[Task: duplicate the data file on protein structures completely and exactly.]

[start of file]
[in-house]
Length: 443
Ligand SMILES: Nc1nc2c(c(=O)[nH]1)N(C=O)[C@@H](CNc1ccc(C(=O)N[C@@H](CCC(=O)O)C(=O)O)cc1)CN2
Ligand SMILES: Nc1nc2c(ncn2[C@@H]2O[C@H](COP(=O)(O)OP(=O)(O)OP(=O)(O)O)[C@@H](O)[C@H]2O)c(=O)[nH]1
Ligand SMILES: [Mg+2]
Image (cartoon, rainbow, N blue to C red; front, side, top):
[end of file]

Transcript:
[in-house]
Length: 443
Ligand SMILES: Nc1nc2c(c(=O)[nH]1)N(C=O)[C@@H](CNc1ccc(C(=O)N[C@@H](CCC(=O)O)C(=O)O)cc1)CN2
Ligand SMILES: Nc1nc2c(ncn2[C@@H]2O[C@H](COP(=O)(O)OP(=O)(O)OP(=O)(O)O)[C@@H](O)[C@H]2O)c(=O)[nH]1
Ligand SMILES: [Mg+2]
Image (cartoon, rainbow, N blue to C red; front, side, top):